Don’t hesitate to arrange a meeting to discuss how you can ensure that you and your family are always fully protected in the event of any unfortunate circumstances – get the best advice and make the right choice..

Know your rights

Human Rights Day is celebrated annually in South Africa on 21st March, and is arguably one of the country’s most important public holidays. The commemoration of this day serves as a reminder to all citizens of the country’s struggle for democracy, and the sacrifices that were made on everyone’s behalf to attain the basic rights of dignity, equality and freedom.

As well as being a remembrance of the suffering that was endured in the days of apartheid, this national day is also a celebration of the rights that everyone living in the RSA now enjoys (and often takes for granted).

One of the most notable celebrations is the Cape Town Festival, which aims to promote tolerance and understanding of diversity through performances, workshops and various artistic endeavours. While other events around the country are designed to draw attention to current human rights concerns, such as racism and police brutality.

A bit of background

Back on 21st March 1960, thousands of unarmed South Africans gathered in a township called Sharpeville to peacefully protest against the atrocious apartheid government and its pass laws, which required indigenous adults to carry a passbook with them everywhere (this allowed the regime to control travel and dictate the duration for which black South Africans could stay in white areas).

However, as the crowd grew in size, tensions increased along with the police presence. 150 armed reinforcements and four armoured personnel carriers arrived, and the police eventually opened fire on the crowd, murdering 69 people and injuring 180 more.

This massacre became a turning point in the struggle for human rights in South Africa, which finally came to a head on 27th April 1994 when Nelson Mandela was elected as president. Shortly after his election, Tata Madiba announced 21st March to be Human Rights Day, in order to pay tribute to the people who fought for the freedom of all South Africans.

Know your rights

The South African Constitution protects the human rights of all its citizens. These rights were previously denied to the overwhelming majority of the population, and Human Rights Day thus serves as an important reminder to us all to reinforce our commitment to the Bill of Rights that is specified in the Constitution.

These hard-earned rights stipulate that everyone is equal before the law and thus has the right to equal protection and benefit of the law. The bill also includes the right for inherent human dignity to be respected and protected; the right to freedom of movement and residence anywhere in the country; the right to participate in the cultural life of choice; and the right to peaceful protest.

Financial rights?

Likewise, being financially secure and having access to a certain standard of living is also an important goal that all South Africans should strive for. Knowing how to make your money work for you can greatly relieve stress, as well as improve the quality of your life and afford you the freedom of choice.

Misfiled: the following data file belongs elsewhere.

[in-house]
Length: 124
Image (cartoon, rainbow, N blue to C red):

Protections and benefits come in different forms, and there are ways to make the most of your earnings so that you can live comfortably and look after your family — even after you’ve gone. The key is to be aware of your entitlements, so that you can maximise your benefits and ensure you are protected in the event of any unforeseen circumstances.

The battle against the oppression of apartheid may have been won, but we still need to fight for the right to financial security. Don’t hesitate to arrange a meeting if you wish to discuss any legislative rights that could help to improve your financial situation.

How does income protection work?

Being unable to temporarily – or permanently – work as a result of a serious illness or injury can put a serious strain on your financial well-being. In this day and age, an income protection policy can, therefore, prove vital, as it ensures that you will receive tax-free monthly payments if you ever cannot work. Basically, income protection (sometimes called ICB – Income Continuation Benefit) is designed to replace lost income, so that you can maintain the same lifestyle that you enjoyed whilst working.

Whether you’re self-employed or formally employed, protecting your earnings should be considered a critical component of your financial planning portfolio. An income protection policy will help you to remain financially secure, no matter what unforeseeable life event occurs.

It essentially offers the peace of mind that you will always be able to meet your financial obligations and take care of your family, especially given as many employee-sponsored schemes will not provide sufficient cover.

What are the benefits?

Income protection benefits can replace income, service debt and monthly obligations (thereby indirectly protecting your credit rating), provide cover until retirement, and protect you in the event of permanent and temporary disability. As opposed to the traditionally-preferred lump sum disability benefit, income protection benefits are notably easier to claim, involve shorter waiting periods, and allow you to make multiple claims.